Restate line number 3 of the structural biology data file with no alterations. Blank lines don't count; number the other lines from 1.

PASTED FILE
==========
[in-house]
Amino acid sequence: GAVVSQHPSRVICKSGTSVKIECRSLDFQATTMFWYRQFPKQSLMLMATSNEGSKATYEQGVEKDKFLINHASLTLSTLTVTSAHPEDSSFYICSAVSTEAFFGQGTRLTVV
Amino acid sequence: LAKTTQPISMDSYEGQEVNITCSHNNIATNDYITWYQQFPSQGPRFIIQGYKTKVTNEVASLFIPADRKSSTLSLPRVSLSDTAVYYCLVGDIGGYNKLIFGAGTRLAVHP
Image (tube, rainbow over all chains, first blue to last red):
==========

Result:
Amino acid sequence: LAKTTQPISMDSYEGQEVNITCSHNNIATNDYITWYQQFPSQGPRFIIQGYKTKVTNEVASLFIPADRKSSTLSLPRVSLSDTAVYYCLVGDIGGYNKLIFGAGTRLAVHP